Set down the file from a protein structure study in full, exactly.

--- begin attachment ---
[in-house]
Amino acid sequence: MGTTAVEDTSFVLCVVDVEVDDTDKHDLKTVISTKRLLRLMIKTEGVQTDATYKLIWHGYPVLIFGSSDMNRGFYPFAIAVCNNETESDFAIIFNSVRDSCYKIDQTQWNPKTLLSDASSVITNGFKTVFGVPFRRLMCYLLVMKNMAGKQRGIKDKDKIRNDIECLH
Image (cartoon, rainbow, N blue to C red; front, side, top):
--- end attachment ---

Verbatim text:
[in-house]
Amino acid sequence: MGTTAVEDTSFVLCVVDVEVDDTDKHDLKTVISTKRLLRLMIKTEGVQTDATYKLIWHGYPVLIFGSSDMNRGFYPFAIAVCNNETESDFAIIFNSVRDSCYKIDQTQWNPKTLLSDASSVITNGFKTVFGVPFRRLMCYLLVMKNMAGKQRGIKDKDKIRNDIECLH
Image (cartoon, rainbow, N blue to C red; front, side, top):